Samba has its own user management system. However, any user existing on the samba user list must also exist within /etc/passwd file. From this reason, create a new user using useradd command before creating any new Samba user. Once your new system user eg. linuxconfig exits, use smbpasswd command to create a new Samba user:

# smbpasswd -a linuxconfig
New SMB password:

Samba Home Directories Share

By default all home directories are exported read-only and they are not browseable. To change this default configuration settings change the current homes share definition to:

   comment = Home Directories
   browseable = yes
   read only = no
   create mask = 0700
   directory mask = 0700
   valid users = %S

Every time you make a change to your /etc/samba/smb.conf configuration file do not forget to restart your samba server daemon:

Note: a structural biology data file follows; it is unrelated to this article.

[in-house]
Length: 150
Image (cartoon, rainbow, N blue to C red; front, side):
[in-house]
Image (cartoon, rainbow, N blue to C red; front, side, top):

# systemctl restart smbd

Samba Public Anonymous Share

The following Samba definition will allow any user to read and write data into Samba share under /var/samba/ directory. First, create a new directory and make it accessible by anyone:

# mkdir /var/samba
# chmod 777 /var/samba/

Next, add a new samba share definition within your /etc/samba/smb.conf Samba configuration file:

  comment = public anonymous access
  path = /var/samba/
  browsable =yes
  create mask = 0660
  directory mask = 0771
  writable = yes
  guest ok = yes

Restart your samba server daemon:

# systemctl restart smbd

Mount Samba Shares

Now, we are ready to turn our attention to MS Windows machine and network map our new Samba share directories. Start by listing all available shares by \\\samba-server command execution:

show samba share on the MS windows machine

If all went well you should see the list of all browsable samba shares:

MS windows samba share list

Next, map any of the shared directories by right-clicking on the share and selecting a Map Network Drive... option. Tick, Connect using different credentials option and finish the network drive mapping by supplying the user credentials created in previous steps:

Network map


List Samba users:

# pdbedit -w -L

Delete Samba user:

# pdbedit -x -u username